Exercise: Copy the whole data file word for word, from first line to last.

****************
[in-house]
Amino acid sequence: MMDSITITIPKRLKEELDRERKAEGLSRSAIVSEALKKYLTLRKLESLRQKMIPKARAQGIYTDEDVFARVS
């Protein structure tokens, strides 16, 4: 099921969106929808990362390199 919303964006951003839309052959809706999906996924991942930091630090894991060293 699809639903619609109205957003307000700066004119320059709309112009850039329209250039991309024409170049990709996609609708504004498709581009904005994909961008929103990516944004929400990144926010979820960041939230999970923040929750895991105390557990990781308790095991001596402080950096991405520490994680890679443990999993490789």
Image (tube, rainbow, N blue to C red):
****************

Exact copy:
[in-house]
Amino acid sequence: MMDSITITIPKRLKEELDRERKAEGLSRSAIVSEALKKYLTLRKLESLRQKMIPKARAQGIYTDEDVFARVS
């Protein structure tokens, strides 16, 4: 099921969106929808990362390199 919303964006951003839309052959809706999906996924991942930091630090894991060293 699809639903619609109205957003307000700066004119320059709309112009850039329209250039991309024409170049990709996609609708504004498709581009904005994909961008929103990516944004929400990144926010979820960041939230999970923040929750895991105390557990990781308790095991001596402080950096991405520490994680890679443990999993490789």
Image (tube, rainbow, N blue to C red):